Shape of heart made of pillsAs far as modern medicine has progressed, about fifty percent of patients still avoid taking their prescribed medications. Why? One reason is that many patients are nervous about negative side effects. Some side effects, however, aren’t so bad at all. From time to time, researchers discover that a prescription provides health benefits unrelated to the condition it is designed to treat. Perhaps some of your own medications are boosting your health in ways you wouldn’t expect!

1. The Flu Shot

Every year, people line up to get a flu shot and avoid becoming miserably bed-ridden with dreadful symptoms. This annual tradition has a surprising twist, however. By preventing the flu, you’re also decreasing your risk of heart disease and stroke by up to 48%. During a flu infection, the body fends off the illness with an inflammatory response that may cause arterial plaque to rupture. Because the flu shot blocks both the infection and the inflammatory response, it also reduces risk of a cardiac mishap.

2. Dopamine Agonists Used to Treat Parkinson’s Disease

Parkinson’s disease is characterized by tremors, muscle stiffness, and the loss of fine motor skills. To alleviate these symptoms, doctors prescribe dopamine agonists that help to bring fine motor skills closer to ordinary levels. Dopamine, however, can produce some other interesting results in the body. This neurotransmitter stimulates creativity, causing some Parkinson’s patients to develop extraordinary new artistic abilities such as painting and writing. These abilities typically fade at the conclusion of dopamine treatment, however.

3. Beta-Blockers Used to Lower Blood Pressure

High blood pressure lowers the amount of blood that reaches the brain, resulting in an increased chance of developing dementia. High blood pressure patients who use beta-blocker medications have half as many vascular brain lesions and about forty percent fewer Alzheimer’s disease lesions than patients not on beta-blockers. How do beta-blockers accomplish this? This medication lowers pulse rate and increases blood flow, reducing stress on blood vessels in the brain.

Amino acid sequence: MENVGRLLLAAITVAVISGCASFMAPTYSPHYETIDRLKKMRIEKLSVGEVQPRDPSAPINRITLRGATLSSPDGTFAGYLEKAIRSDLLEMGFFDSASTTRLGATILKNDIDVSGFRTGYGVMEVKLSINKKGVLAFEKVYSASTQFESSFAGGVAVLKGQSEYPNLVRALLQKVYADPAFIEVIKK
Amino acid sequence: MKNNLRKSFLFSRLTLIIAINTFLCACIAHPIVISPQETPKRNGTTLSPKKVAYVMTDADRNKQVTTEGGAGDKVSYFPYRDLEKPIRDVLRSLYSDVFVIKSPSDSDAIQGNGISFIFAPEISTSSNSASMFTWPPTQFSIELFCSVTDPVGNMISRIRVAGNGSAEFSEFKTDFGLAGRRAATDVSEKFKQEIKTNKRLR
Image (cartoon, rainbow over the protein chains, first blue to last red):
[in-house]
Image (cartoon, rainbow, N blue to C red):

4. Aspirin Regimens Used to Prevent Heart Attacks

Everyone has seen the aspirin commercials showing how this drug can be used to lower risk of heart attacks. That’s not all aspirin can do, however. Taking aspirin daily can also increase your chance of surviving colon or prostate cancer. Prostate cancer patients on a daily aspirin regimen have a 57% lower risk of death at 10 years than men not on an aspirin regimen. Similarly, colon cancer patients on an aspirin regimen have a five-year mortality rate 23% lower than patients not on an aspirin regimen.

5. Metformin Used to Treat Diabetes

Metformin is a drug that is used to help treat diabetes by making the body more sensitive to insulin levels and slowing the liver’s production of sugars. This lowers the body’s blood sugar levels. This is good news because studies show that high insulin levels may energize cancer cells. In 2012, multiple medical studies showed that metformin lowered patients’ risk of breast cancer by 17%. Women who took the prescription for at least three years had a 25% lower risk of breast cancer.

If you’re hesitant about taking your medications, it’s always best to consult your physician before making any rash decisions. Your prescriptions may actually produce some very positive side effects, but more importantly, they’re designed to help you get healthy and feel better. Avoiding medications may help you avoid side effects, but it won’t keep your condition from worsening.

Source: AARP Health